Enter one mother and child, who opt to sit under the "have YOU been checked for Chlamydia?" and stare at the poster of a beaten child, this being marginally better than the alternative.
Opposite, one beautiful little girl introducing herself and her mother (and the window, and the flowers, and the magazines and the empty water cooler) in fluent Makaton. And under the window, a mother with another child.
The signer and her mother are called in, leaving the other mother and myself alone with two children. My beautiful, perfect, lovely child is sitting quietly in her wheelchair, having reversed it expertly into a gap in the row of seats so she is beside me. The other child is doing headstands on the chairs, kicking the walls with grubby shoes, sliding piles of magazines onto the floor, and staring.
Eventually he stares enough that his mother makes introductions, followed by the comment "Loads of disabled children here today, not usually like that." We escape to the loo, and return to find their place taken by another mother and son. Same school uniform, same ability to kick the walls whilst simultaneously performing a headstand on the chair and sending piles of magazines to a slippery death on the floor.
And my beautiful, perfect, lovely child executes a three point turn in the doorway, and glides to a stop beside me before unbuckling for a cuddle.
I lean over, pick her up, and it begins.
"What's wrong with her then?"
Biting down the urge to reply "Nothing, what's wrong with your son?" I instead go for "Her legs don't work." and turn away, to blow kisses down the back of my Little Princess' neck.
This response is however clearly insufficient, and my "Please go away now" vibes are clearly not working. Instead:
"Yes I can see that, but what's wrong with her? What's wrong with her legs? What's wrong with her?"
Sigh. "She has Spina Bifida
"Did you know?"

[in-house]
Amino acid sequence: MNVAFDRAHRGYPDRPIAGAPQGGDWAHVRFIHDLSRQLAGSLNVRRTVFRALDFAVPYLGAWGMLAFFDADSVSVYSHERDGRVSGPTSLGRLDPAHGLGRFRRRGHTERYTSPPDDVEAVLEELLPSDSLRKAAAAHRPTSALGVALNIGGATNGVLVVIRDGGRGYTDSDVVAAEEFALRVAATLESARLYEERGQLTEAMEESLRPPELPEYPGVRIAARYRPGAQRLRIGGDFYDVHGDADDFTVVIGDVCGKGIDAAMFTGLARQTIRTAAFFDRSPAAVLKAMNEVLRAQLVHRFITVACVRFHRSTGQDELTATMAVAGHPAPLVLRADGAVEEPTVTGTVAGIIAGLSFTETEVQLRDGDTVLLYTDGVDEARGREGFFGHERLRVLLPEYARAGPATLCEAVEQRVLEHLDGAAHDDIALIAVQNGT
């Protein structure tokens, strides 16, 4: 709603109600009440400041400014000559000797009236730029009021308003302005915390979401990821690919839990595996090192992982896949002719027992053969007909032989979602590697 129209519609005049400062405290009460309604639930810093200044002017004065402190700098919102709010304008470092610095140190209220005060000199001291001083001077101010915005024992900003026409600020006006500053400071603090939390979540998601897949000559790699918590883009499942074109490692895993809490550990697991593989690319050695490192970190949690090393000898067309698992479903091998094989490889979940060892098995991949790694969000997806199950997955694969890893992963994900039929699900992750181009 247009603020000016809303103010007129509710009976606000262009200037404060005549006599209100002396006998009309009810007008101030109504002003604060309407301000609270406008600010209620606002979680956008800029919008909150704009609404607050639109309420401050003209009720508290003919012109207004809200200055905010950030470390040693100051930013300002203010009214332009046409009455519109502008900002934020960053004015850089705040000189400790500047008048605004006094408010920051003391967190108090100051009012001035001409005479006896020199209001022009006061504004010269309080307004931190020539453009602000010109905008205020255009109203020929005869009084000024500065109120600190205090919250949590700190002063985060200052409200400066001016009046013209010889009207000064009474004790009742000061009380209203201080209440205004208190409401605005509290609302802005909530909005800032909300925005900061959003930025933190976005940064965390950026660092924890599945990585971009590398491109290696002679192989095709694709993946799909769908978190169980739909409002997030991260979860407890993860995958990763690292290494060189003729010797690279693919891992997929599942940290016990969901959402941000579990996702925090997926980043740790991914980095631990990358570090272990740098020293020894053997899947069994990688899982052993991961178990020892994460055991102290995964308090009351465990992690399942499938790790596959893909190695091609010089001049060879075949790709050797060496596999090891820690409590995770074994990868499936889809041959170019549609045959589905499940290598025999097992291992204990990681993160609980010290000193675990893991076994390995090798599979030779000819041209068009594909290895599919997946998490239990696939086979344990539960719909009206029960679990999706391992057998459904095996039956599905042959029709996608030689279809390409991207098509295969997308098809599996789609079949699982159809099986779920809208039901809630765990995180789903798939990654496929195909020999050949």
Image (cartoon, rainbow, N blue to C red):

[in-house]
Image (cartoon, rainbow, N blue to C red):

"Did you know, when you was pregnant, did you know she was going to have it?"
"She's adopted. So yes, I knew, and I'm very pleased to have her, and it worked out well for both of us didn't it?"
"Couldn't you have your own then?"
I avoid answering this one, and turn away again, hoping we have ended the conversation. But no:
"So, does she know?"
"Does she know what?"
"That she's adopted, does she know?"
She's sitting in my lap. She's six years old. I've just told you there's nothing wrong with her understanding. If she didn't before, she certainly does now!
"Yes, she knows."
"Oh, cos I think that's best isn't it? My mate, she's adopted twenty, and she always told them all." And my heart melts towards the woman who adopted twenty, and who apparently lives very locally, and I wonder who she is. And I try to see whatever it is this woman who has adopted twenty (because after all, if she has adopted twenty children she must be a pretty good judge of character by now) sees in this woman her friend. And whilst I'd like to say that I then see the whole conversation and this
But I do wonder, because although that short conversation actually contained most of my pet peeves in the space of around five minutes, the majority of strangers who feel the need to strike up conversation manage one or two of them. And they can't all mean to be that insulting, tactless, thoughtless and nosy, can they?
And then, thankfully, it was our turn to go in.